31. Louis Armstrong: Jazz Legend by Terry Collins

Louis Armstrong: Jazz Legend by Terry Collins. Illustrations by Richie Pope (US) - (Canada)
American Graphic

Pages: 32
Ages: 8+
Finished: Feb. 8, 2013
First Published: Aug. 1, 2012
Publisher: Capstone Press
Interests: graphic novel, biography, MG, music performers
Rating:  4/5

First sentence: "... Louis' condition is serious, Mrs. Armstrong."

Publisher's Summary: "Louis Armstrong, also known as “Satchmo” and “Pops”, became an American jazz legend in the 1920s. His voice and skill with instruments helped him become a popular musician in a time where America was racially divided. Watch as this skilled musician learns to play, buys his first instrument, and becomes one of the best music makers of the era."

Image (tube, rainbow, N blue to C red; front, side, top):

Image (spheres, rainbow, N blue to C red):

Acquired: Received a review copy from the publisher.

Reason for Reading:  Biographies and memoirs are one of my favourite graphic genres.

A brief but rich look at the life of Louis Armstrong, mostly referred to as "Satchmo" throughout.  Told from his own point of view as he tells his story from his hospital bed in the 1970s, Armstrong lived through a tumultuous era in America, especially for a black man.  He had a tough life as a child spending a portion of his childhood in a home for black waifs and working to help support his mother.  Though there are some references to the racial and political problems Louis experienced the book focuses mostly on his music and his career on stage and screen.  He is presented as a happy man with a positive outlook and attitude.  By the end of the book I was humming "It's a Wonderful World" and was pleased to have learned a bit about this man whom I had previously known nothing but his music.